There were 419 new cases of COVID-19 reported to the Arizona Department of Health Services (ADHS) on Wednesday, April 14, bringing the state total to 851,265 cases overall. There were four new deaths reported, and Arizona is now at 17,109 total deaths due to the virus. 16% of intensive care unit beds are available and 9% of ICU beds are occupied by COVID patients.On Wednesday, 46,744 people received vaccinations in Arizona with 4.3 million doses total administered to Arizonans. The Centers for Disease Control and Prevention (CDC) reports 30% of the state population is now vaccinated and 78% of the 5.4 million delivered doses have been used in the state. Across the county, 194,791, 836 doses have been administered, reflecting 30.5% of the population overall.
These numbers come from the ADHS Data Dashboard and the Bloomberg Vaccine Data Tracker. ADHS also put out a press statement this week celebrating the 4 millionth dose of COVID-19 vaccine. From ADHS Director Dr. Cara Christ:
With vaccine supply approaching demand, we need everyone’s help to keep up this momentum and get to the point where everyone is protected against COVID-19.
ADHS announced a change in confirmed results last week, with the state reporting 1,302 cases last Friday. 625 of the new cases were from before March in three counties from positive tests that were not yet recorded because of incomplete information, KTAR reports.
ADHS also heeded the CDC and Food and Drug Administration (FDA) joint recommendation for a pause in the Johnson & Johnson Janssen (J&J) vaccine distribution, according to an ADHS statement. Of the 6.8 million doses of the J&J vaccine administered across the county, six women between the ages of 18 and 48 experienced blood clotting that warranted a pause in distribution and blunt public announcement of the recommendation. The Advisory Committee on Immunization Practices (ACIP) convened on Wednesday to investigate reports of serious threats from the vaccine. Furthermore, the FDA released a Frequently Asked Questions on Wednesday to address concerns regarding the J&J Janssen vaccine pause.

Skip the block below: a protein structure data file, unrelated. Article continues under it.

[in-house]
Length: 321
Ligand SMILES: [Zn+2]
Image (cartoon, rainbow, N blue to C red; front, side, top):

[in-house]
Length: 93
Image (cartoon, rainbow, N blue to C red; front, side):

From Dr. Cara Christ, via ADHS press release:
While the occurrence of this rare blood clot are extremely rare compared to the number of doses of the Johnson & Johnson vaccine administered nationwide, we are following the guidance of the CDC and FDA out of an abundance of caution and we will continue to work with our federal and statewide partners about the status of the vaccine.
The pause could spell a great deal of difficulty for distributing to two high-risk populations: seniors and rural communities. The J&J vaccine’s single dosage and relaxed refrigeration requirement made it the much more accessible choice for people less able to get to vaccination sites. As reported by the Atlantic, rural areas also tend have a much higher rate of vaccine hesitancy, making public announcements like the pause in J&J vaccine distribution much more likely to slow the rate of vaccination.
Seniors in long-term care facilities or who rely on home-based care also are getting the short end of the stick with the J&J pause. According to McKnight’s Long-Term Care News, the J&J pause “essentially halts” distribution to assisted living facilities and nursing homes. From Dr. David Gifford, M.D., MPH, chief medical officer for the American Health Care Association and the National Center for Assisted Living (AHCA/NCAL):